The ‘Yes’ and ‘No’ of Saint Peter
Patronal Festival – St Peter’s Day 2019
preached by Ven Andrew Mintern
Parish Priest and Archdeacon of Torrens
Peter the inspiration
The apostle Peter has always been a role model for me. When I was twenty, I wrote a series of three songs based on St Peter, and I came across the hand-written words the other day. One of them I performed at Woodville town hall with a Christian band I was in at the time for an International Year of Youth Christian music concert. The three songs were called “Days on the waves”, “Days on the road” and “I can’t believe I said ‘no’”.
In the first song I recalled how Jesus called Peter in the midst of his working life as a fisherman, to instead come and fish for people. Peter in his heart says ‘Yes’ and left his nets immediately. The next song was about the heady times of travelling with Jesus on the road, witnessing miracles and learning wonderful teachings. The third song, “I can’t believe I said ‘no’” then focused on the last supper and Jesus’ arrest and how Peter denied even knowing Jesus and how, when the rooster crowed, Peter was overcome with remorse and disbelief in what he had done.
Yes and No
Even back then in my youth the idea that Peter was this paradox of yes and no drew me in as a very real example of faith. There are other times where Peter gets it right followed by getting wrong. Today’s gospel reading [Matthew 16:13-23] is a good example, where Peter alone recognizes Jesus as the Messiah but a few verses later gets it wrong by misunderstanding Jesus’ mission.
I suspect all of us in our faith journey are a lot like Peter, a mixture of yes and no. We are all here today because of the yes part of us. We have all, to some degree, left our nets to follow Jesus. We have all been captured by the love that will not let us go. We have all felt the touch of the Gospel message that has left our heart strangely warmed. We have all felt that inspiration of the Spirit moving us towards peace, compassion and justice. There is a yes in each of us.
But, like Peter, we have the no in us as well. The times when we don’t want to admit we know Jesus, and that we go to church. The times when the church is splashed across the media for all the wrong reasons and we duck for cover. Or the times when we feel God calling us to respond to a certain situation and we just don’t have the courage or the time or the resources to respond. None of us, I suspect, point the finger too strongly at Peter’s failures because, in a way, we are glad they are there. They give us a very human example of a disciple that we can stand alongside of.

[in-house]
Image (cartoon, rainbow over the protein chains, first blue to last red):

St Paul, who shares the same feast day with St Peter, seems more daunting to me. Always sure of his truth, always outspoken, prepared to go to jail for his faith, to be stoned and flogged for his faith. Admirable yes, but can the majority of people reach that level of zealousness? Peter seems to exemplify the common person on their journey of faith who, through his ups and downs, grows in his faith, grows in his understanding and grows in his leadership. Peter achieves faithfulness in spite of the times he says no, because he is prepared to repent, returning again and again to say yes to Jesus.
The film clip made by the older children in the parish about Peter walking on the water to Jesus, powerfully demonstrates both the yes and the no of Peter. He is prepared to say yes to getting out of the boat and coming to Jesus on the water, but also demonstrates the no of being overcome by fear and doubt. This episode is a parable for so many experiences of faith that we will face throughout our entire lives.
The yes and no of Peter captivates my imagination. It is wonderful to have such a human patron saint whose journey of faith is one that we ordinary Australian Anglican Christians can relate to some two thousand years later.
Brother Roger – Yes to God
Another person who has been a great inspiration to me in my spiritual journey is Brother Roger, the founder of the Taize community in France. Saying ‘’yes’’ to God is a common theme in Brother Roger’s writings. One of his most famous quotes is ‘If a trusting heart were the beginning of everything, by it we would be made ready and willing to dare a yes for life.’
Each year Brother Roger used write a pastoral letter. It would be a substantial reflection on a theme, usually connected to the spiritual path of trust and reconciliation. These letters, with accompanying scripture references, notes and questions, would form the basis for discussion groups at Taize gatherings around the world each year.
I’d like to conclude this sermon on the yes and no of Peter, with some words about saying yes by Brother Roger, from his 1985 letter ‘’A heart that trusts’’.
A yes because of Christ makes us vulnerable. It makes it impossible to run away from ourselves and from essential solidarity with others.
This yes can be disturbing. It is never easy to be shaken up. The human condition has its fragilities that do not like shocks.
The yes keeps us awake. It keeps our eyes wide open. Could the yes of a vocation drift off or even slumber? Could it try to run away from Christ in the communion of his Body, the Church, so shaken on every side? Could it try to run away from a world that is ridden with suffering?
This yes for life is fire. It is a challenge. Let it burn, this fire that never goes out. And the yes blazes up within. The yes makes us vulnerable. It cannot be otherwise.
Let us pray
Thank you Lord for St Peter,
for his humanity and his faithfulness.
may we, like Peter,
continually turn to you again and again,
and say “yes”. Amen.